Invitations vs Announcements

So... long time lurker with a question. My fiance and I are planning a wedding for about 100 people, we are paying for it ourselves and are very budget minded. My fiance's family  thinks that we should be sending a much larger part of his family invitiations - this would put the total invited at something like 200 people. Now my FMIL assures us that none of these people will actually come, but we think its poor form to send invitations to people that we don't actually want/expect/plan on coming. So we offered to purchase announcements and send them out on the day of our wedding to everyone that she wants to make aware of our wedding. She thinks this is cold, and that we would offend family members by sending them an announcement rather than an invitation.  However, we simply cannot afford more guests, and even though she feels very confident they won't actually come - what if they do??  I don't want to offend her, or his family, but what we can afford is what we can afford.

How would you handle this situation? 

Re: Invitations vs Announcements

  • You're paying so at the end of the day you have the final say of the guestlist.
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  • you're in the right here; you should NOT send invitations to people you don't actually want / expect to come.  If she feels announcements are cold then don't send them anything.
  • This goes in the "she's not paying, so she can STFU" box.  And frankly, she's probably dead wrong that they "would never actually attend."  A cousin of mine got screwed  by this logic when like 50 members of our extended family who "would never travel for the wedding" showed up.  We didn't violate the venue's fire code, but we were squeezed in like sardines because there were 50 more bodies in the room than anticipated, and she was out serious money over it.  Don't invite them. 
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  • Send announcements or don't send anything at all.

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  • RebeccaB88RebeccaB88 Figment of Your Imagination
    2500 Comments Fifth Anniversary 500 Love Its 5 Answers
    I think every bride on this site has an 'oh,they won't come' story.  You'd be surprised at who shows up that you don't think will (and vice versa).  If you can afford 100, then invite 100... end of sentence. No B list (as in you'll invite them if enough people decline).  Your FI needs to handle his mother and tell her that the guest list is decided, and the subject is closed for discussion.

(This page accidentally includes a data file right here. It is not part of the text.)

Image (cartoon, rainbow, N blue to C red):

• I had the exact feeling that many of my extended family members would not be able or willing to fly across the country for my wedding.   I have been pleasantly surprised to hear that some of them are planning on coming.   Do not invite more than your budget or venue will allow. 

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  • I'd tell her that you'll invite them if she'll pickup the tab for any that end up coming, otherwise its your wedding.  This is assuming you're ok with more ppl regardless of financing.
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  • OliveOilsMomOliveOilsMom South Jersey
    Seventh Anniversary 5000 Comments 500 Love Its 5 Answers
    You should follow your instincts.  You are absolutely correct that you should assume everyone will come.  We invited 105 people to our wedding and 99 RSVP'd yes.  So it is possible just about everyone will come.  If your FMIL thinks it's "cold" to send an announcement after your wedding, than I would just not invite the extra people or send the announcements out.
  • Thanks for the advice! Helpful to know I'm not the only one in a situation like this.
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